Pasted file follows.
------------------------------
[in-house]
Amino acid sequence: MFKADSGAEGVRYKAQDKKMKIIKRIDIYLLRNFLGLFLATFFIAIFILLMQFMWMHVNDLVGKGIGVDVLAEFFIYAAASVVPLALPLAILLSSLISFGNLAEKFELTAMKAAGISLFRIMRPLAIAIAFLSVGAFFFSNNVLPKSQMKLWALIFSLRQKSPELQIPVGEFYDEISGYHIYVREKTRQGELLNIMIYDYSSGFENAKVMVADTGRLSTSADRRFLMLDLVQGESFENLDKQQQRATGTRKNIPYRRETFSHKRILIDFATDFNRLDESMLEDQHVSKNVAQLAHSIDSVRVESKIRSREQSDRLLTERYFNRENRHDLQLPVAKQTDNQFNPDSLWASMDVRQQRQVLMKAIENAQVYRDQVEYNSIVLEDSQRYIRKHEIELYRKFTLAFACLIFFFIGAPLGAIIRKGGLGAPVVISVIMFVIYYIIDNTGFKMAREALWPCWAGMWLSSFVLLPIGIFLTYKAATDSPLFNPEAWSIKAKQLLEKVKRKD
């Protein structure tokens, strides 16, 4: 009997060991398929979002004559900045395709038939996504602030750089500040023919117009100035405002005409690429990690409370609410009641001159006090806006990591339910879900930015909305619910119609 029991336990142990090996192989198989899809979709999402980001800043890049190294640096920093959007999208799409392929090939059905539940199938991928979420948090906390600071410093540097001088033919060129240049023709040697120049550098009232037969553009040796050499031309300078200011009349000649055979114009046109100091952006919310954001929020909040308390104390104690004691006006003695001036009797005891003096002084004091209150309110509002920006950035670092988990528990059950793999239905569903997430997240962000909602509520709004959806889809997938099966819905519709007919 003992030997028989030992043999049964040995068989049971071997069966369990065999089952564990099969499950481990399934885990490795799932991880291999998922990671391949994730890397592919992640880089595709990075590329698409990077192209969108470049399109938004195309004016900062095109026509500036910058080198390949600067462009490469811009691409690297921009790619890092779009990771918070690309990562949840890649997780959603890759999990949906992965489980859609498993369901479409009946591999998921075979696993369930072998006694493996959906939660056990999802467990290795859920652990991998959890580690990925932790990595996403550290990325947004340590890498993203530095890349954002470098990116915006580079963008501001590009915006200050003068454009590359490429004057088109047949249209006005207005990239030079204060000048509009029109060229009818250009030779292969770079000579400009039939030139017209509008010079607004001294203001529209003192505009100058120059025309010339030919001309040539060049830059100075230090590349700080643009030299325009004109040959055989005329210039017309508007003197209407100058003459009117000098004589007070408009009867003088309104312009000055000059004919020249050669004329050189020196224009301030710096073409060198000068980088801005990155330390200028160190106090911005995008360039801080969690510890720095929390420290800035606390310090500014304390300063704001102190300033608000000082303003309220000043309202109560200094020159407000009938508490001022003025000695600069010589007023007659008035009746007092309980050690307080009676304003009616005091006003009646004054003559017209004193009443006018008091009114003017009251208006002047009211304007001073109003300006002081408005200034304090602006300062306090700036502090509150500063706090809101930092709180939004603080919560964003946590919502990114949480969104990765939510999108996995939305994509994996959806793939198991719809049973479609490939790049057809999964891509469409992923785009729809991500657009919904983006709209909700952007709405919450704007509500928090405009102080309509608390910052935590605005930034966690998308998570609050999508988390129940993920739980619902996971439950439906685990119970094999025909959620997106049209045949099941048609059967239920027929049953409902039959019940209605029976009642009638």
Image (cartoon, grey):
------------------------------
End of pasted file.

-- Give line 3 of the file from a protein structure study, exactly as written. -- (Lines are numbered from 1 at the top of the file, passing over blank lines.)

């Protein structure tokens, strides 16, 4: 009997060991398929979002004559900045395709038939996504602030750089500040023919117009100035405002005409690429990690409370609410009641001159006090806006990591339910879900930015909305619910119609 029991336990142990090996192989198989899809979709999402980001800043890049190294640096920093959007999208799409392929090939059905539940199938991928979420948090906390600071410093540097001088033919060129240049023709040697120049550098009232037969553009040796050499031309300078200011009349000649055979114009046109100091952006919310954001929020909040308390104390104690004691006006003695001036009797005891003096002084004091209150309110509002920006950035670092988990528990059950793999239905569903997430997240962000909602509520709004959806889809997938099966819905519709007919 003992030997028989030992043999049964040995068989049971071997069966369990065999089952564990099969499950481990399934885990490795799932991880291999998922990671391949994730890397592919992640880089595709990075590329698409990077192209969108470049399109938004195309004016900062095109026509500036910058080198390949600067462009490469811009691409690297921009790619890092779009990771918070690309990562949840890649997780959603890759999990949906992965489980859609498993369901479409009946591999998921075979696993369930072998006694493996959906939660056990999802467990290795859920652990991998959890580690990925932790990595996403550290990325947004340590890498993203530095890349954002470098990116915006580079963008501001590009915006200050003068454009590359490429004057088109047949249209006005207005990239030079204060000048509009029109060229009818250009030779292969770079000579400009039939030139017209509008010079607004001294203001529209003192505009100058120059025309010339030919001309040539060049830059100075230090590349700080643009030299325009004109040959055989005329210039017309508007003197209407100058003459009117000098004589007070408009009867003088309104312009000055000059004919020249050669004329050189020196224009301030710096073409060198000068980088801005990155330390200028160190106090911005995008360039801080969690510890720095929390420290800035606390310090500014304390300063704001102190300033608000000082303003309220000043309202109560200094020159407000009938508490001022003025000695600069010589007023007659008035009746007092309980050690307080009676304003009616005091006003009646004054003559017209004193009443006018008091009114003017009251208006002047009211304007001073109003300006002081408005200034304090602006300062306090700036502090509150500063706090809101930092709180939004603080919560964003946590919502990114949480969104990765939510999108996995939305994509994996959806793939198991719809049973479609490939790049057809999964891509469409992923785009729809991500657009919904983006709209909700952007709405919450704007509500928090405009102080309509608390910052935590605005930034966690998308998570609050999508988390129940993920739980619902996971439950439906685990119970094999025909959620997106049209045949099941048609059967239920027929049953409902039959019940209605029976009642009638």